Intact, Archaic-Period Campsite Found in Minnesota
Monday, July 29, 2013
CHANHASSEN, MINNESOTA—An Archaic Period campsite was found along the Minnesota River during a survey for bridge construction. The 8,000-year-old camp was protected by ten to 12 feet of peat, cattails, and swampy land. “We found evidence for making stone tools, butchering and processing animals (such as turtles, fish, and bison), and we found one fire hearth. Since we know so little about this time period, even small campsites are very important for what they tell us about people’s diet, what their tools were, and how they lived,” said archaeologist Frank Florin. Further excavation will take place this fall.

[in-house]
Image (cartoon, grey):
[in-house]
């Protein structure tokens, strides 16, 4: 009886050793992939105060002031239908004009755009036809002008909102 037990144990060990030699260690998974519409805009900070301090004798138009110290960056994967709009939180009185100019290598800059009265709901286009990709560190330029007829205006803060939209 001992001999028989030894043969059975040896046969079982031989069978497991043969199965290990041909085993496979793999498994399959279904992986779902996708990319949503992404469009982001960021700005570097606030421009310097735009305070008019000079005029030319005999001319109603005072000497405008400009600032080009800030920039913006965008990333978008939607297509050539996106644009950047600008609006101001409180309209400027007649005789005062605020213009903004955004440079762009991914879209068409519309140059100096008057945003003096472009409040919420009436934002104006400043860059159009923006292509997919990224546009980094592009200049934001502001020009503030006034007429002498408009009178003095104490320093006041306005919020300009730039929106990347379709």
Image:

Ancient Southwestern footprints, Salem’s witch executions, fermented Mesolithic fish dish, Siberian mammoth hunt, and a seven-foot-tall Aussie bird
The Wild Man of the medieval world